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Song of Songs 4:5

5 Your breasts are like two fawns, like twin fawns of a gazelle that browse among the lilies.

Read Song of Songs 4:5 Using Other Translations

Thy two breasts are like two young roes that are twins, which feed among the lilies.
Your two breasts are like two fawns, twins of a gazelle, that graze among the lilies.
Your breasts are like two fawns, twin fawns of a gazelle grazing among the lilies.

What does Song of Songs 4:5 mean?

John Gill's Exposition of the Bible
Song of Solomon 4:5

Thy two breasts [are] like two young roes that are twins
Or, "two fawns, the twins of a doe": Providence, as Plutarch observes {p}, has given to women two breasts, that, should they have twins, both might have a fountain of nourishment; and are fitly compared to twins of the doe. The hind, for the most part, brings but one roe at a time; but there are some, the philosopher says F17, bring twins; by which the beauty of the breasts is expressed: "young roes" may point at the smallness of them, large breasts are not accounted handsome; and "twins", at their equal size and shape, not one larger nor higher than the other, that would be a deformity; twins are generally alike;

which feed among the lilies;
and are fat and plump: the allusion may be to the putting of lilies in the bosom, between the breasts, as other flowers; lilies are reckoned among the decorations of women, in the Apocryha:

``And pulled off the sackcloth which she had on, and put off the garments of her widowhood, and washed her body all over with water, and anointed herself with precious ointment, and braided the hair of her head, and put on a tire upon it, and put on her garments of gladness, wherewith she was clad during the life of Manasses her husband.'' (Judith 10:3)

or rather to the creatures mentioned, the roes and hinds, which feed among lilies, in fields where lilies grow; for these grow in fields as well as in gardens, and are called the "lilies of the field", ( Matthew 6:28 ) ; and we read F18 sometimes of harts and hinds among lilies. By "breasts" may be meant, either the ministers of the word, who impart "the sincere milk of the word", and who deliver out the nourishing doctrines of grace, like milk out of the breast, ( 1 Corinthians 3:2 ) ( 1 Peter 2:2 ) ; and may be like to "roes" for their affection to those who are under their ministry; and pleasant to them, to whom they are made useful; and for their sharp sightedness and penetration into the mysteries of grace; and for their quick dispatch in doing their work, though through many difficulties, which, like young roes, they leap and skip over: and "two" of them show a sufficient number of them Christ provides for his church; and being "twins" express their equal authority, and harmony of doctrine; and feeding "among lilies" is where Christ himself feeds, ( Song of Solomon 2:16 ) ; where Christ feeds they feed, and where they feed Christ feeds, even among his saints, comparable to lilies, ( Song of Solomon 2:2 ) ; or these "breasts" may design the two Testaments, the Old and New, which contain the whole sincere milk of the word; are like "young roes", pleasant and delightful to believers; and, as "twins", are alike, agree in their doctrines concerning Christ, and the blessings of grace through him; the types, figures, prophecies, and promises of the one, have their completion in the other; and both abound with the lilies of Gospel doctrines and promises: though rather these "breasts" may point at the two ordinances of the Gospel, baptism, and the Lord's supper; which are breasts of consolation to believers, out of which they suck, and are satisfied; and through feeding on Christ in both, they receive much nourishment and strength; and are very amiable and lovely to the saints, when they enjoy the presence of Christ in them, and have the discoveries of his love to them; and may be said to be "twins", being both instituted by Christ, and both lead unto him, and require the same subjects; and are received and submitted to by saints, comparable to lilies, as before.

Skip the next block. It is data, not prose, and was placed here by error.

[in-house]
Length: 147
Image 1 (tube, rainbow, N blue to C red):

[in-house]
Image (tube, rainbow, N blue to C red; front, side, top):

FOOTNOTES:

F16 De Liberis Educand. vol. 2. p. 3.
F17 Aristot. de Animal. l. 6. c. 29.
F18 "En aspicis ilium, candida qui medius cubat inter lilia, cervum?" Calphurnius apud Bochart. Hierozoic. par. 1. l. 3. c. 24. col. 924.
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